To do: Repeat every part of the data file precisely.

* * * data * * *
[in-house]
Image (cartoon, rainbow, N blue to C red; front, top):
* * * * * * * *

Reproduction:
[in-house]
Image (cartoon, rainbow, N blue to C red; front, top):